- Kimes, Beverly R. (editor), and Clark, Henry A. (1985). The Standard Catalog of American Cars 1805–1945'. Krause Publications. p. 1050. ISBN 0-87341-045-9.
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- "NWS Jackson, MS – April 23–24, 2010 Severe Weather Outbreak". Srh.noaa.gov. 2010-04-28. Archived from the original on 2014-10-12. Retrieved 2014-05-29.
- "Tornado Cuts Across Mississippi Killing 10 – Jackson Weather News Story – WAPT Jackson". 5 March 2012. Archived from the original on 5 March 2012. Retrieved 12 January 2018.
- United States Census Bureau. "Census of Population and Housing". Retrieved February 5, 2014.
- "Explore Census Data". data.census.gov. Retrieved 2021-12-08.
- "Yazoo City, Mississippi". Institute of Southern Jewish Life. 2007-10-05. Archived from the original on 2007-10-05. Retrieved 2019-11-18.
-  Archived July 28, 2013, at the Wayback Machine
- "A new era begins - CityofYazooCity.org Retrieved on April 29, 2021"
- "Delaware cruises to a second term as Mayor - Yazoo Herald Retrieved on April 29, 2021"
- Patterson, Jamie (16 April 2022). "Starling sworn in as Yazoo City's new mayor". Yazoo Herald. Yazoo City, Mississippi. Retrieved 11 December 2022.
And after being presented with a gavel and sworn in by Federal Judge Carlton Reeves, David "Mel" Starling began his tenure as Yazoo City's new mayor.
- "Post Office Location – YAZOO CITY Archived 2012-06-16 at the Wayback Machine." United States Postal Service. Retrieved on September 21, 2010.
- "SCHOOL DISTRICT REFERENCE MAP (2010 CENSUS): Yazoo County, MS." U.S. Census Bureau. Retrieved on July 7, 2017.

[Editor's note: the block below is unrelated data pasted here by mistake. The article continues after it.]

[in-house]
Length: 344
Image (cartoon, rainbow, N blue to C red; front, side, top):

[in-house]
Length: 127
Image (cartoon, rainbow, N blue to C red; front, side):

- "Home : The Yazoo Herald". Yazooherald.net. Retrieved 9 May 2021.
- FAA Airport Form 5010 for 87I PDF – Retrieved on September 23, 2010.
- Jeter, Lynne W. "Airports an advantage when it comes to site selection." Mississippi Business Journal. March 26, 2001. Retrieved on September 21, 2010.
- "James Paul Clarke (1895–1897)". Old State House Museum. Archived from the original on November 14, 2012. Retrieved August 17, 2012.
- "Barbour gets on ticket as independent". The Yazoo City Herald. Yazoo City, Mississippi. February 8, 1968. pp. 1–2. Retrieved January 16, 2023 – via newspapers.com.
Jeppie Barbour, banker and Jaycee leader, last week qualified as an Independent candidate for Mayor in the Monday, April 1 Municipal General election.
- "Wardell Jackson". Basketball-reference.com. Archived from the original on 8 December 2015. Retrieved 5 December 2015.
- Rowland, Dunbar (1917). The Official and Statistical Register of the State of Mississippi. Department of Archives and History. p. 953.
- Vickie King (17 Aug 2021). "Photo gallery: Yazoo City, the Gateway to the Delta". Mississippi Today.
- McLaughlin, Lacey (2 Mar 2011). "Integrating Yazoo: Race and Change in Haley Barbour's Hometown". Jackson Free Press.
- Satellite images from the 24 April 2010 tornado outbreak (CIMSS Satellite Blog)